Designing Online Platforms for Offline Services: the Bigger, the Better?
Leon Chu (University of Southern California)
Brian Wu (University of Michigan)

Abstract : Empowered by information technologies, online platforms enable service providers to offer customized services that Chinese consumers have increasingly desired. Despite its tremendous value-creation potential, offering customized services encourages greater opportunism from the service providers. While reputation-based mechanisms have been proposed to foster trust, their effectiveness is limited by the disadvantageous initial state of the Chinese industries. To address this problem, we propose a novel platform design where, from its inception, the platform deliberately limits the number of service providers below a certain threshold, even if they are homogenous. Without imposing this threshold, the competition among the service providers may lead to a unique equilibrium under which all the service providers shirk. In contrast, by imposing the threshold, the platform may induce a welfare-enhancing equilibrium where (i) the service providers on the platform enjoy higher capacity utilization than those outside and are motivated to exert effort by future concerns, and (ii) customers prefer service providers on the platform and are willing to pay a premium. We evaluate the implications of our proposed approach on platform profitability, specifically by comparing different payment schemes. We generalize the model regarding imperfect monitoring signals and the entry and exit of service providers. Our work sheds new light on how platform design can help reduce market frictions in economic exchanges and potentially influence the evolution of industries.

Market Orchestrators: the Effects of Certification on Complementor Behavior and Performance
Joost Rietveld (UCL School of Management)
Robert Seamans (NYU Stern School of Business)
Katia Meggiorin (NYU Stern School of Business)

Abstract : Multisided platforms serve two or more sets of users who are connected via an indirect network effect. Beyond pricing, the extent and scope of the interactions between the platform’s users depend on various other factors including product quality, exclusivity and users’ heterogeneous preferences. Platforms, thus, have to carefully balance the needs of its users through the enactment of governance strategies. Selective promotion of a subset of the platform’s users through certification is often part of this “market orchestration” process. We study how certification of complementors affects the bundle of products offered by those complementors as well as how it affects the platform’s demand-side users. We use a unique dataset of Kiva’s microfinance platform to take advantage of a quasi-exogenous shock: Kiva’s unexpected introduction of the Social Performance badging program in late 2011. We show that Kiva’s certification leads badged microfinance institutions to reorient their loan portfolio composition and that the extent of portfolio reorientation varies across microfinance institutions, depending on demand and supply-side factors. We further show that certified microfinance institutions who reorient their loan portfolios along the dimension of the certification gain greater demand-side benefits than certified microfinance institutions who do not reorient their loan portfolios.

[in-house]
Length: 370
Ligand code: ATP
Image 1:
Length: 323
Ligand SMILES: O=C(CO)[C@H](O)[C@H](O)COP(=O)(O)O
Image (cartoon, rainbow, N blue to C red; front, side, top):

Technological Platforms and Self-regulation: the Case of Safe-boda in Uganda
Brian S. Silverman (University of Toronto)

Abstract : Industry actors frequently seek to engage in self-regulation to enforce standards among industry participants. Yet such efforts at private regulation typically suffer from classic problems related to free riding and the tragedy of the commons. This paper proposes that technological platforms can serve a private-regulatory function when they 1) provide tools for monitoring or reporting malfeasance and 2) credibly restrict access to the platform, thus sanctioning malfeasants. The paper illustrates these points with a case study of Safe-Boda, an Uber-like motorcycle taxi firm in Uganda. Motorcycle taxis, known as boda-bodas, are notoriously dangerous for drivers, passengers, and pedestrians alike. Efforts at state regulation and industry self-regulation both failed in the mid-2000s and early 2010s. In contrast, the introduction of a ride-hailing technology platform that met both of the above conditions has succeeded at reducing unsafe driving, and also at matching riders with lower tolerance for unsafe rides with drivers who engage in safer practices.